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Briefing of the Special Envoy of the UN Secretary-General for Yemen to the open session of
the UN Security Council
9 January 2019

Mr. President,

Than you for the opportunity to brief this Council today. As Council members know, our efforts
- and, indeed, the attention of the world - are focused on the momentum generated for the
peace process by the Stockholm consultations and the hope of a tangible improvement in the
situation of the Yemeni people.

As I stated to this Council immediately after the consultations, the success of Stockholm was
also your success. I must start, therefore, by thanking the members of the Security Council for
adopting resolution 2451, which endorsed the Stockholm agreement, authorized the
deployment of the advanced team to support and facilitate implementation, and expressed
support for the continuation of consultations early this year, including on the Framework for
Negotiations. I believe that this resolution sends a clear signal of the international community s
support for the achievements of Stockholm and our plans to build on the momentum gained.

Today, I will take this opportunity to brief on the implementation of the commitments made by
the parties in Stockholm, namely: the agreement reached on the city and governorate of
Hudaydah and the ports of Hudaydah, Salif and Ras Issa; second, the executive mechanism on
activating the prisoner exchange agreement; and, third, the statement of understanding on
Taiz. I will also provide an update on our preparations for the next round of consultations.

Since the Stockholm consultations, I have met with President Abd Rabbo Mansour Hadi and
Ansar Allah leader Abdelmalik Al-Houthi. Both have welcomed the progress made in Stockhom.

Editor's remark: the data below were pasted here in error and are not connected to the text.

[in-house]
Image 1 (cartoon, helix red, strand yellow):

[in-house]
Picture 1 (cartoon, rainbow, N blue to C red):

Both saw this as an important step towards a comprehensive resolution to the conflict. They
have both expressed their determination to find a way forward on all of their commitments,
and to build further on the progress made through a subsequent round of consultations. I am
grateful to them for their leadership that made this possible and for lending their trust in this
process.

This enthusiasm was also echoed by concerned parties and key Member States -1 am grateful
for their support.

I am pleased to report that both sides have largely adhered to the ceasefire in Hudaydah
governorate that entered into force on 18 December, and there has been a significant decrease
in hostilities since then. Unfortunately, there has been some violence, including in Hudaydah
city, and in the southern districts of the governorate. However, the violence is very limited
compared to what we saw in the weeks before the Stockholm consultations. This relative calm,
I believe, indicates the tangible benefit of the Stockholm agreement for the Yemeni people and
the continued commitment of the parties to making the agreement work.

Thanks to the swift authorization provided by this Council through resolution 2451, the UN has